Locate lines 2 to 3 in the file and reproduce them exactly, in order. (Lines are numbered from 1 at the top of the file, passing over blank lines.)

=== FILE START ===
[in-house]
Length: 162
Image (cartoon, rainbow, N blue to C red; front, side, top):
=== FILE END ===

Length: 162
Image (cartoon, rainbow, N blue to C red; front, side, top):